Isaiah speaks with authority about Babylon’s fate at the hands of the Medes (Isaiah 13:17-20). If you recall, Isaiah began his book speaking about events that transpire in 740 B.C. Some modern scholars have argued that Isaiah could not have written all of this book because the destruction of the Babylonians foretold in today’s reading happened two centuries later, around 539 B.C. This of course assumes that Isaiah did not actually prophesy events based on the revelation of an all-knowing God. In other words, to those who believe that miracles such as accurate prophecies about the future cannot happen, Isaiah couldn’t have actually written these details about Babylon’s demise.
As believers, part of embracing the trustworthiness of scripture means we embrace the trustworthiness of the authors of the particular books. Isaiah claimed to write the entire book, and the New Testament authors treat Isaiah as the author as well. This is important to remember.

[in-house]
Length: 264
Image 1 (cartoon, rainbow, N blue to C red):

One last note: the word “Lucifer” is used to describe Babylon in a way that many have interpreted to also reflect Satan’s fall from heaven. A straightforward reading of this passage could simply reflect Babylon’s pride and destruction. However, it would be very much in line with the rest of scripture for Babylon to also refer to the reign of Satan.